lead poisoning prevention

National Lead Poisoning Prevention Week: Keeping our Kids Healthy Starts at Home

By Jess Portmess

My new nephew is still too young to pick up toys or explore the floors and walls of the house on all fours. But if his daily growth is any indication, it’s not that far off. I didn’t imagine my clerkship with EPA could make me think of him more often than I already do. Yet, he’s the face I see as I learn more about how to protect children from lead-based paint hazards. He is, after all, among those who are the most sensitive to the dangers from lead-based paint.

As a law clerk with EPA, I hope to gain a better understanding of how EPA makes concrete strides in solving big environmental problems. With hundreds of thousands of children affected by lead poisoning, I’d say the “big” shoe fits. The inspiring and motivating reality is, however, that lead poisoning is 100 percent preventable. If you live in a home built before 1978, chances are it may have lead paint. That paint can wear over time, chipping away for a curious child’s hands or turning into dust that accumulates on the floor, window troughs, and other surfaces of your home. Renovations can disturb lead paint and spread more dust. But you can prevent these risks from affecting your family by regularly cleaning your home’s surfaces, maintaining painted surfaces, having your home inspected by a lead-safe certified professional, and renovating only with lead-safe certified contractors.

This week is National Lead Poisoning Prevention Week, a week dedicated to raising awareness about lead paint hazards, especially in the home. This week focuses on the many ways that parents can reduce a child’s exposure to lead and prevent its serious health effects. To start, learn the facts about lead, or have your home tested. You could even ask your doctor to test your child for lead.

Preventing lead poisoning can be simple and the consequences of inaction are too terrible to ignore. Lead-contaminated dust can slow a child’s growth, inhibit his learning, and damage his brain or central nervous system. As a law student passionate about environmental law and natural resources, you learn a lot about uphill struggles where the stakes are high. For my nephew’s sake, I know I’ll keep climbing and I hope you do too.

For more information about National Lead Poisoning Prevention week visit

About the author: Jess Portmess is a law clerk in the National Program Chemicals Division of EPA’s Office of Pollution Prevention and Toxics. She will be graduating from American University Washington College of Law in May 2013.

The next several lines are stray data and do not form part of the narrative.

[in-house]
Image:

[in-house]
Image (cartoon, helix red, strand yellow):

Editor's Note: The opinions expressed here are those of the author. They do not reflect EPA policy, endorsement, or action, and EPA does not verify the accuracy or science of the contents of the blog.

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Do-It-Yourselfers Have To Be Careful, Too!

By Lina Younes

In these times, everyone is looking for ways to save money. Whether it’s saving energy, cutting coupons or reusing certain items, we all want to limit our expenses. So, for those who are handy with tools, the do-it-yourself-way might be the most economical option for making repairs at home. While many home improvement stores provide useful kits and information to update the look around the house, one word of caution: make sure that the simple steps you take in your home will not adversely affect your health or your family’s. Let me explain.

For example, if you live in a home that was built before 1978, it is likely that at some point your house had lead-based paint. Why should you be concerned about this? Well, lead paint poisoning affects over a million children in the United States today and it can lead to learning disabilities, hearing loss, and other serious health effects. If you are going to renovate, repair or paint your home, make sure that you use lead-safe practices to contain the work area, minimize dust, and clean up thoroughly after the paint or renovation job is over. Your best bet might be to hire a lead-safe certified contractor.